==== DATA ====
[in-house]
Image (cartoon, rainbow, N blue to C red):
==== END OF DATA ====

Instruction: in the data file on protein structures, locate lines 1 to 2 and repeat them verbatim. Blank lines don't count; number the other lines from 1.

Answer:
[in-house]
Image (cartoon, rainbow, N blue to C red):